After several preparatory meetings in four days, the “kings of oil” have still not reached an agreement. Tensions between Saudi Arabia and the United Arab Emirates (UAE) led to the postponement sine die of the videoconference which was to bring together, on Monday, July 5, the Organization of the Petroleum Exporting Countries (OPEC) and ten other producers led by the Russia. This new failure brought, Monday, July 5, to the closing North Sea brent prices at 77.16 dollars (65.09 euros) per barrel (+ 1.30%) and that of US WTI at 76.36 dollars (+ 1.60%).
Two points were to be debated by this informal cartel, called OPEC +: the date on which production will return to its level before the health crisis, so far set for April 2022, and which would be postponed to the end of 2022; and, above all, the new increase in the volume of crude put on the market between August and December to meet demand sustained by the global recovery. The cartel led by Moscow and Riyadh had reduced its daily production by 10 million barrels from May 2020, at the height of the first wave of Covid-19 which had plunged economic activity and melted demand for black gold .
Then he decided to gradually loosen the valves in the spring and forecast a further increase: 400,000 additional barrels per day each month between August and December, i.e. the return to the market of 2 million barrels at the end of 2021. Only the Emirates there. are opposed, demanding for themselves a higher quota. Currently, it is calculated on the basis of the 3.2 million barrels per day pumped in 2018 and no longer reflects the production capacity of more than 3.8 million, reached in April 2020, on the eve of the historic cuts decided by the French government. cartel. Abu Dhabi is asking to export 600,000 more barrels every day.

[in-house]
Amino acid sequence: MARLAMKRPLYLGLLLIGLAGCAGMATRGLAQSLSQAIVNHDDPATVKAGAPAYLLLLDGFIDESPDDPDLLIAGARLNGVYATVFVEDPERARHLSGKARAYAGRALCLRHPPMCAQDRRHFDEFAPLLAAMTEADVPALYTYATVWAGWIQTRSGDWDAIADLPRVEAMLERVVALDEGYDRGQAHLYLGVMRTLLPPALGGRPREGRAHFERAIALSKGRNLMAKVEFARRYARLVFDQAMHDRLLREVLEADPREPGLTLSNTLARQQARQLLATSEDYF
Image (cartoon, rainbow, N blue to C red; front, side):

Strange passage of arms between two States which secretly negotiated, a few years ago, a project of political union
On Sunday, the Saudi and Emirati energy ministers, Prince Abdelaziz Ben Salman and Suhail Al-Mazrouei, shouted at each other again by interposed television channels. “It’s the whole group against a single country”, commented the first, warning that an agreement without the emirates was excluded. The Wahhabi kingdom no longer wants to play the thankless role of auxiliary producer who is asked to balance the oil market, sometimes at the expense of its financial interests. The Emirates answer that they have reduced their production capacity by 35%, much more than the other OPEC + countries.
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